2. Have you ever used music at work to jack up productivity or change your
mood? Interestingly some rhythms. such as baroque, induce enzymes in the
brain and add amazing well being and focus. Other tunes leave you punchy …
and unable to focus. Has it happened to you?
4. Music to Change Your Brain uses clinically proven audio technology to help
Relaxation (Alpha Waves)—relax your body, quiet your mind, and renew your
Healing (Mixed Waves with Delta Peaks)—tap into your own natural source of
healing and rejuvenation.
Creativity (Theta Waves)—spark insight and vision, and discover new realms
Awakening (Beta, Alpha, Theta & Delta Waves)—explore your potential as you
open up to higher states of consciousness.
Meditation (Gamma Waves)—experience expanded awareness and deep
meditative states. 10:06 min.
Sleep (Delta Waves)—Fall asleep easily and naturally, and wake up refreshed.
5. Listening to, playing, reading and creating music involves practically every
part of the brain. In the book This Is Your Brain on Music, Daniel J. Levitin
explains that listening to music first involves subcortical structures like
cochlear nuclei, the brain stem, and the cerebellum. It then moves up to
auditory cortices on both sides of the brain. And when you hear music,
listening also involves the memory centers in the brain, such as the
hippocampus and lowest parts of the frontal lobe. Tapping along with the
music gets your cerebellum involved. Reading music involves the visual
cortex, and listening to or recalling lyrics will involve language centers in the
temporal and frontal lobes. - See more at:
6. If you actually perform music, your frontal lobe for planning, and your motor
and sensory cortex will activate as well. Because playing music requires coordination of motor control, somatosensory touch and auditory information,
most musicians are known to have developed a greater ability than the
average person to use both hands. Increased networks between the left and
right brain form thick fibers that interconnect the two motor areas, an area
that is larger in musicians than in nonmusicians. -
7. __ Because the brain has the capacity to change (called neuroplasticity), music also
affects some of the brain’s learning capacities, increasing the size of the auditory and
motor cortex. A research team from Utrecht University in the Netherlands also found
music is associated with an improved ability for auditory imagery. Musically trained
groups performed better on both a musical imagery task and a non-musical auditoryimagery task than naive groups.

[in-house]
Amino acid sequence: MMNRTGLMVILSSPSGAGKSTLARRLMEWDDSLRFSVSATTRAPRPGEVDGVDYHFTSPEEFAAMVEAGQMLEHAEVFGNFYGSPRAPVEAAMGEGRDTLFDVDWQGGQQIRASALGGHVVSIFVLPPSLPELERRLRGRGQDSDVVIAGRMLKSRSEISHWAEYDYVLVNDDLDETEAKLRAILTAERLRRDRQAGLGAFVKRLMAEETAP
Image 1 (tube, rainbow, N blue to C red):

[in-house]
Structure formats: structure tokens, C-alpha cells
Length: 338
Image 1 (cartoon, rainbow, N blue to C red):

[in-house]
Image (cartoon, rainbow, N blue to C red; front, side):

8. Generally music has been regarded as a right-brain activity because of its
reliance on creativity. But brain-imaging research has shown music does
involve both hemispheres, although a majority of activity does occur in the
right side of the brain. Maurice Ravel (1875-1937) was a French impressionist
composer who suffered from an unknown disease that affected his left
hemisphere, leaving him unable to speak, perform complex tasks, or read and
write. He also lost his musical function and could not compose during the last
years of his life. In contrast to Ravel, Russian composer Shebalin and British
composer Benjamin Britten both continued writing musical works although
they experienced impairment to their spoken language after having sustained
strokes in the left hemisphere.
9. Music Affects Emotion, Involves a
Deep Level of Our Brain, and Helps
Us Heal - See more at:
10. lthough music involves many areas of the brain, people listen to or play music
because they like it. Research also indicates that people value music primarily
because of the emotions it evokes. __ In addition to a cognitive appraisal, Dr.
Juslin and his team at Uppsala University, Sweden, suggested underlying
mechanisms that could explain why listening to music may induce emotions,
involving reflexes, conditioning, emotional contagion, visual imagery, memory
and expectancy. __ At deeper level, music stimulates activities of the
amygdala, which regulates emotion, and even the brain stem, which is the
center for many of the vital functions of our bodies such as breathing, heart
rate and digestion. - See more at: http://brainworldmagazine.com/musicrhythm-and-the-brain/#sthash.mWwLSIiL.dpuf
12. 1. Music Therapy provides positive changes in mood and emotional status. 2.
Music captivates and maintains attention - it stimulates parts of the brain. 3.
Music and the silence within it, provides non-verbal, immediate feedback. 4.
Music is where people of all levels can participate. 5. Music is easily adapted
to and can be reflective of a person’s abilities. 6. Music provides a meaningful,
enjoyable context for repetition. 7. Music provides a social context – it sets up
a safe, structured setting for verbal 8. And non-verbal communication. 9.
Music provides an effective memory aid. Imbalance created by action and
passion, outer and inner events result in stress. The cause is not far to seek.
13. Music lights up almost every area
of the brain, which shouldn’t be a
surprise since it makes people tap
their feet, encourages the
recollection of vivid memories and
has the potential to lighten the